Aug 14, 2017
Newsflash: Hannibal Canceled, Humans Still Tasty…
Question: When a network cancels a show about a charming cannibal after three seasons, do its executives fear being eaten in retaliation by the series’ ravenous fans?
NBC was forced to ponder this very question when it made the controversial decision to pull the plug on Hannibal, a critically-acclaimed psychological thriller, currently airing its third season. The series stars Mads Mikkelsen as the titular Dr. Hannibal Lecter, a character initially made famous by a series of novels created by author Thomas Harris and then subsequently made REALLY famous when Anthony Hopkins embodied the role in two feature films, one of which was spectacular (The other one was Hannibal.)
The show’s producers remain optimistic that they will find an alternate media platform, whereby the series could enjoy a temporary, albeit more limited, resurrection (such as Amazon, Hulu, or Netflix). Nonetheless, series creator Bryan Fuller — who reportedly has no less than four entire additional seasons of the show mapped out in his brain — has decided to take a more aggressive approach in an attempt to salvage the series’ delectable (not to mention very high in protein) “leftovers.”
In a recent tweet, using the hashtag #SaveHannibal, Fuller instructed fans of the show, the self-described “Fannibal” collective, to show just how strong their dedication to the series can be, and with good reason.
A few years back, a series cancellation notice meant a literal nail in the coffin of what may have once been a much beloved show. But now, with countless formerly canned television series being revamped as web series, films, and fully fledged television shows featured on rival networks, a sizeable boom in the ratings of an already canceled show during its final episodes, coupled with a rabid fan response, could be just what a “dead” show needs to become the dangerous brain-eating zombie it’s always dreamed of being. Shows like The Mindy Project, Community, and Cougar Town have reaped the benefit of similar un-deaths during their respective series’ runs.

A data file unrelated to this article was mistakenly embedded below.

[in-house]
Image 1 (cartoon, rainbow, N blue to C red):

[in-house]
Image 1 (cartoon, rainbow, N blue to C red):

So what can Fannibals do, apart from merely watching the final episodes of Hannibal (which I assume most of them would have done anyway) to show their collective strength and save their favorite show about people who eat other people’s faces off for fun? Well, they can eat their detractors’ faces off, of course! It’s a “Modest Proposal” . . . and an appropriate display of fan appreciation, if ever there was one. In fact, cannibalism as a form of protest would be an unparalleled show of fan support, one that would surely endorsed by the good doctor Hannibal Lecter himself.
So, grab a fork, Fannibals. It’s chow time.
WARNING: The good folks at Happy Nice Time People do not actually endorse the eating of individuals’ faces, the polite nibbling of NBC executives’ fingers and toes, or the serving of Nielsen viewers’ livers with a nice chianti. Eating people is BAD, morally wrong, and kind of gross . . . plus, it causes indigestion. Not that I know this from personal experience, or anything.